I read this on Seth Godin’s blog a couple years ago:
Without a doubt, the ability to connect the dots is rare, prized and valuable. Connecting dots, solving the problem that hasn’t been solved before, seeing the pattern before it is made obvious, is more essential than ever before.
Why then, do we spend so much time collecting dots instead? More facts, more tests, more need for data, even when we have no clue (and no practice) in doing anything with it.
Their big bag of dots isn’t worth nearly as much as your handful of insight, is it?
When I first thought about it, I was thinking about it in terms of analytics and what I do for my day job. But the more I think about it, the more it relates to my film work as well. Writing creatively is about collecting a lot of dots and then connecting them in creative ways.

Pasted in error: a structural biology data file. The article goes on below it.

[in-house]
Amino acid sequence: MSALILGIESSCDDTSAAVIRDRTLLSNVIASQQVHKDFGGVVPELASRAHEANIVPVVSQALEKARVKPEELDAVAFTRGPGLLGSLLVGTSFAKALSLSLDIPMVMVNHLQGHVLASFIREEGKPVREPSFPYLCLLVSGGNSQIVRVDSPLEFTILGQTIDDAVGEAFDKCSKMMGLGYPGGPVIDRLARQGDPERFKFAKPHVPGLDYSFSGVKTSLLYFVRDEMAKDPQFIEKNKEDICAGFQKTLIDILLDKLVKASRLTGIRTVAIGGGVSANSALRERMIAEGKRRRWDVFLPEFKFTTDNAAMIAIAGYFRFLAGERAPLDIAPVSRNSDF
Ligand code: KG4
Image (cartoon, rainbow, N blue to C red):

Sometimes the dots are characters, storylines, forms, angles, shots, etc. Or they can be ideas, themes, concepts. A few times I’ve had an idea for a script rattling around in my head for months or even years and it’s just not enough for a full screenplay — it’s just a dot. And then I’ll watch a movie or see a play or read a book and get another dot that fits perfectly with the first dot.
Sometimes it’s a concept that needs a character, or a theme that needs a story, or it can be a combination of many things. And I’ll consume some other work of art or entertainment and I’ll get a new idea and it just clicks.